Helmed by Juniper Nights frontman James Gallagher, Pet Twin is the kind of side project that could eclipse the musician’s “main band”. On this 2023 release, Gallagher explores a sound that’s very retro and yet almost timeless.
Atop an almost tango-like rhythm, the shimmering guitar chords that provide the heart of ‘Cabrini-Green’ tap into a world of dream pop coolness, but at the same time convey hints of older indie pop, served with a laid back cool that would certainly appeal to devotees of classic fare from the Mute and 4AD labels. The music is instantly familiar, but therein lies its true magic. The way Gallagher places semi-sparse and quite basic chords over an equally spacious backdrop shows a musician who has complete confidence in a melody. There’s nothing flashy here, or anything to clutter the main tune; it’s left to “breathe” in a way that really brings everything to life, despite never seemingly being in a rush to impress. At the same time, his deep vocal taps into a sound that fans of classic indie pop will love. In a couple of places, his tone occasionally hints at the natural approach of Jarvis Cocker at his richest; in others, he appears to evoke the moodiness of Tindersticks man Stewart A. Staples. Whichever way you approach this track, the easy and slightly dour tones are a perfect fit with the understated tune. After three or four listens, the shimmering guitar lines and delayed notes start to feel like a very familiar friend, and despite the lack of massive hook, ‘Cabrini-Green’ marks out a place as a great track.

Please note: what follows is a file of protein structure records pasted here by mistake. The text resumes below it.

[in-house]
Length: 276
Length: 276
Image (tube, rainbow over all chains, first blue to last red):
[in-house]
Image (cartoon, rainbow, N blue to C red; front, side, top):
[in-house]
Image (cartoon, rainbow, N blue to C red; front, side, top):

Joining the main event, the digital release is coupled with ‘Lonely Ghost’, a musical sketch that ventures deeper into Pet Twin’s world of spooky minimalism. In a little under a minute, the number conjures an atmosphere of its own, when echoing, 50s style guitar sounds drop in and out of a near silence. The choice of vocal is even more interesting, since James uses it to take on the role of extra instrumentation. By slowing and manipulating his voice, he at first sounds like a fretless bass. After a little adjustment time, it becomes a little clearer that its a weird vocal sent to put the listener off balance. By the time you get the measure of the piece, it fades out, as ghost-like as the title suggests. Strange, interesting, dark; so much for just fifty seconds, but it works.
Short and sweet, this pair of tracks provides a wonderful, if brief, window into a great talent. Pet Twin is one of those acts that shows how originality can take a back seat if the tunes and the mood is great enough to carry everything, and in ‘Cabrini-Green’, you’ll find the kind of song that’ll make you want to explore the artist’s semi-minimalist even further. With the sheer bulk of digital music available at the push of a button, this is in danger of getting lost in a world of noise, but it’s a recommended listen that’s well worth seeking out.